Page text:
Think about that, and then take a little trip through history with me. The first African slaves were brought to this country in 1619. We joined the “Citizen Club” in 1866 with the Civil Rights Act; in 1951, we were finally legally allowed to go to school anywhere, drink from whatever water fountain if we were thirsty, get some food at random roadside diner. In 1965, we were allowed to join the “American Voters” club (white women were finally allowed to join that club much earlier, in 1920). In 1869, women were allowed to join the “lawyer club” as an occupation; it wasn’t until 1970 that women were allowed to join the “news reporter” club as an occupation. I could go on, but the fact that you are reading this online means you have access to google, so feel free to do your own research.

Point being, most so-called “exclusionist clubs” and movements and organizations created by fringe/marginalized people have risen as a direct response to this country and society’s history of racism and patriarchy and exclusion. Black people were banned from nightclubs, businesses, organizations; we created our own nightclubs, businesses, organizations. Women were left out of conversations, faced employment discrimination, had no legal rights; we created our own support organizations and had our own conversations, got together and fought for ourselves. When we were excluded we created our own.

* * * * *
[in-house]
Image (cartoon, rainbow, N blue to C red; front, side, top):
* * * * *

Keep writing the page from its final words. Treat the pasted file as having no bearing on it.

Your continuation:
So it just seems interesting and quite ironic to me that members of the very tribes that locked us out of the benefits of mainstream society are now screaming that, now that we’ve formed our own clubs, it’s “not fair” that they are not welcomed in with open, loving arms. It’s not about vehement exclusion at all – it’s about building a women’s house because you were refused entry into the men’s house, and having them bust in the door and insist on rolling around in the middle of the living room floor. It’s the equivalent of baking a cake for the Black people because the White people left you to starve, and the White people coming over and saying, “oh, what, I can’t have a hearty chunk?” And I don’t assume this is the intent, but this is how it feels – this whole time I’ve been told, “no, you can’t join. No, you get none of it. No, I don’t care about your concerns.” So then I get with others like me, and now it’s, “Oh, I can’t join? Oh, I can’t have any? Why aren’t we talking about my concerns?”

I don’t know what needs to change. Maybe we can start an “Everything and Everyone Matters” group. Feeling discriminated against? Come on in. Sexual assault, of any gender or age? We got you. Elder abuse? Yep, right here. Unfair housing, poverty, immigrant rights, tribal lands, sex/gender discrimination, reproductive rights, LGBTQ rights, child protection, domestic abuse…this is your organization. White and male and feeling left out and a little guilty? This is your place right here. I know I missed some, but do most of us now feel included?